Owing to the decline in sales, the combined market capitalisation of the world’s largest airlines has plunged by $12 billion since June 2021.
Those in the category are Delta Air Lines, American Airlines, Lufthansa Group, United Airlines, Air France, and the International Airlines Group while the United States companies among them are the worst hit, recording a $9.2 billion dips in market capitalisation.
The drop shows that airline companies are still far from pre-pandemic profit and sales as some of their businesses, like business travel, are not even comparable to normal levels. Worsening the situation is the growing number of COVID-19 cases, fears of new travel restrictions due to Delta variant and concerns about the economic recovery caused a new hit to airlines stocks.
Data by BuyShares.co.uk shows that the airline industry has remained one of the worst-hit sectors during the pandemic and is most closely tied to loosened COVID-19 restrictions. Moreover, the entire market is facing increased costs, including labour and fuel while the major US airlines alone have received about $50bn in a series of government bailouts and grants during the pandemic, mostly so they could make payroll.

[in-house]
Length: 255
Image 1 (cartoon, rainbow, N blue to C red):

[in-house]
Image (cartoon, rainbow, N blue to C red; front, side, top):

The fears of new travel restrictions and the third pandemic wave came as a new hit to the sector barely coping with the effects of the COVID-19 crisis.
The YCharts data showed the three major US airline companies had taken the hardest hit, with their combined market cap plunging by $9.2 billion since June. Delta Air Lines leads with nearly a $4.3 billion loss in this period. United Airlines and American Airlines follow, with a $3.07 billion and $1.86 market cap drop, respectively.
Statistics show the market cap drop of the US airlines significantly increases if looking even further back in time. In March, the combined value of shares of the three companies stood at $56.2 billion, or $12 billion more than the last week.
The European airline stocks also fell sharply in the last days of June, after German Chancellor Angela Merkel proposed imposing restrictions on travellers arriving in the European Union from the United Kingdom due to concerns over the spread of the COVID-19 Delta variant.
Although the proposal has been criticized by EU member countries whose economies rely heavily on tourism, the risk of renewed pressures to impose travel bans caused a new hit to airline stocks.
British Airways would have been one of the most affected airlines if Merkel’s plans had been accomplished, with its stocks falling by 6 per cent on the day the report came out. Although IAG shares bounced back, with the company’s market cap reaching $11.9 billion last week, that is still $1.78 billion below June levels.
Moreover, IAG’s interim report, covering the three months to 31 March 2021, showed that its long-term debt climbed to almost €19.5 billion, while cash reserves stood at €8 billion.
Lufthansa Group lost $1.05 billion in this period, with the combined value of its shares falling from $7.6 billion in June to $6.55 billion last week. Air France follows, with a $530 million market cap drop, respectively.